Turbochargers work like an air compressor run off an exhaust turbine. They compress a charge and then release it into the engine, giving a sudden boost in performance and sized right for your engine's needs, maintaining it as the revs climb. Biggest consideration with these is making sure you've got the right compressor diameter for your car, so you get boost at optimum revs.
Also something called an island has a cfm rating that determines the max boost a given unit is capable of on a given engine.
For yours, a 350 island-cfm rating might top out at say 6psi, a 500 at 10 and a nice 800 at 14.
You control the unit-available pressures with a wastegate and blow-off valve (better internal than the generally unroadworthy external ones).
Once again, a little bigger on cfm rating is better than too restrictive, but make certain you get the right diameter compressor piping to bring the boost in just right and then control it on the wastegate and blow-off accessories.

Centrifugal superchargers are like a turbo driven by a belt drive rather than an exhaust mounting, but in action work closest to turbo-supercharging of WWII era fighter design.
Once again they compress the charge before it goes into the manifold but they build up boost somewhere between turbo charging and supercharging and in race applications work best at mid-high revs.
Low-blow units available in these types are a great compromise, delivering a couple of psi at low revs and giving good power gains for stock engines, then hitting strong at mid-range with its designed boost range through to redline.
To drive you can feel them come on down low without any of the lag associated with turbos.
These you have to control a little more directly with their turbo-like island-cfm ratings and get the right one for the boost you want, then control where in the range it comes in with the belt gearing. Also a good idea to pop pressure-release valves on them (works like a wastegate/blow-off valve).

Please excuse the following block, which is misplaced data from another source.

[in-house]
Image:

But like I said your engine will want a freshen up anyway, with new bearings and some regrinding and flushing. The bonus of this is you get to improve a few points here and there with a total project in mind, to get the most out of the application and setup you've got planned.
Get low compression, stock flat-top pistons fitted for around 8:1 static compression ratio. With good cam timing this will drop to around a 6.5:1 dynamic compression and is good for mucho boost and massive power gains on supercharging. Throw your manufacturer's guidelines out the window here and go for 15psi street boost for some real wheelspinning action and good quater mile times.
If you're going to go full house (ie. chasing 400hp out of the old 2.5E), inquire about Porsche pistons and rods resized to fit, most of 'em are pretty close to the Merc bores.
You can also flow bench the head for the right intake/exhaust ratios for your supercharger type, getting the most out of the setup (can be worth as much as 20hp just there). And all new double valve springs, etc.
Make sure you have a good flowing, tubular exhaust fitted.

Most of the stock internals are actually pretty good for mid-range performance applications, the Mercs are generally designed to spin to 6500rpm safely as is so can take low-medium boost designs and return high performance without trouble, so long as you get the compression and flow ratios sorted.

Stock Bosch manifolding is good for blow-through supercharging and on a basic setup there's no real need to change the throttle body. You can source larger injectors from other models and you'll need those.